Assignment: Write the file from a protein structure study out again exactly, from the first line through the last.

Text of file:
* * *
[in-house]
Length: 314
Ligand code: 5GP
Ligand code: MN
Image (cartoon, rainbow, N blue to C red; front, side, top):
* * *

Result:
[in-house]
Length: 314
Ligand code: 5GP
Ligand code: MN
Image (cartoon, rainbow, N blue to C red; front, side, top):